Taken from Chiesa by Sandro Magister
The masterful lecture that the pope-theologian delivered at the University of Regensburg really did send shivers throughout the world. Because what Benedict XVI said there is just what happened afterward. The pope explained the distance that runs between the Christian God, who is love, immolated in Jesus on the cross, but also “Logos,” reason; and the God worshipped by Islam, so transcendent and sublime that he is not bound by anything, not even by that rational assertion according to which there must not be “any coercion in matters of faith.” The Qur’an says this in the second sura, to which the pope conscientiously made reference, but it then makes other and opposite statements. And the violent eruption in the Muslim world against the pope and Christians confirms that this other tendency has the upper hand, giving form and substance to the way in which myriads of the faithful of Allah view the world of the infidels. The other side of pope Joseph Ratzinger’s lecture in Regensburg is the blood poured out in Muslim Mogadishu by sister Leonella Sgorbati, a woman veiled and yet free, a martyr whose last words were addressed to her killers: “I forgive you.”
In reality, almost the entirety of Benedict XVI’s lecture in Regensburg was addressed to the Christian world, to the West and to Europe, which in his view are so sure of their naked reason – too sure – that they have lost the “fear of God.” But here as well the pope’s words found their confirmation in the facts. Hand in hand with the swell of verbal and physical violence on the part of Muslims, on the other side, in theory his own side, the pope was the target of incessant volleys of friendly fire. Just as the sagacious companions of Job attributed the blame for his misfortunes to him, so also Benedict XVI was surrounded by a veritable whirlwind of advice and rebuke of the same sort.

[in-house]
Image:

It was the same way in the Vatican. Benedict XVI had the good fortune of installing a new secretary of state and a new foreign minister, both of them firmly in his trust, on the very day that the Muslim attack against him began, on Friday, September 15, right after he came back from his trip to Bavaria. But the grumbling of the curia members hostile toward him did not calm down at all – on the contrary. He got away with the appointment of the new foreign minister, archbishop Dominique Mamberti, from Corsica, who has worked as a nuncio in Sudan, Somalia, and Eritrea, and before that in Algeria, Lebanon, Kuwait, and Saudi Arabia, and thus has direct familiarity with the Arab and Muslim world, and is skilled in the art of diplomacy. But as for the nomination of cardinal Tarcisio Bertone as the new secretary of state – for this, no, they did not forgive him. The fact that Bertone is not a career diplomat, but a man of doctrine and a pastor of souls, is now being held even more against the pope as proof of his ineptitude on the world political scene. In Bavaria, with the assignment changes not yet having taken place, Benedict XVI was accompanied by the outgoing secretary of state, cardinal Angelo Sodano, who has spent his entire life in diplomacy. But the pope was careful to avoid having cardinal Sodano read in advance the lecture he was preparing to deliver in Regensburg. Whole sections of the text would have been censored, if its supreme criterion had been the Realpolitik upon which the Vatican diplomacy of Sodano and his colleagues is nourished.
For Benedict XVI, too, realism in relations between the Church and states is a value. It was so with the totalitarian systems of the twentieth century: with German Nazism as with Soviet Communism. The controversial silences of Pius XII with Nazism, and later, with Communism, of John XXIII, of Vatican Council II, and of the Ostpolitik of Paul VI, had compelling reasons, and in the first place the defense of the victims of those systems themselves. But now, it is being demanded of Benedict XVI that he maintain a similar silence in regard to the new adversary of Islam: it is a silence that is often given the name of “dialogue.” Has pope Ratzinger not respected this? Then this is the comeuppance he deserves from “offended” Islam: threats, demonstrations, burning in effigy, governments demanding retractions, the recall of ambassadors, churches burned, a religious sister killed. The pope is seen as bearing his part of the blame in all this. On the other hand, it’s “post mortem” beatification for his predecessor John Paul II, who prayed humbly in Assisi together Muslim mullahs, and when visiting the Umayyad mosque in Damascus listened in silence to the invectives his hosts hurled against the perfidious Jews. No fatwa was issued for the demolition of the Vatican walls, or for the slitting of Karol Wojtyla’s throat. It was a mere coincidence that Ali Agca, who shot him, was a Muslim – the assassination had been planned in Christian territory...